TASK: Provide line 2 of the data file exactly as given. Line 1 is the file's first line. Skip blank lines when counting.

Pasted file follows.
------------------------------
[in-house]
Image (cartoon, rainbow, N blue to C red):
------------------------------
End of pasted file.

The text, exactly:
Image (cartoon, rainbow, N blue to C red):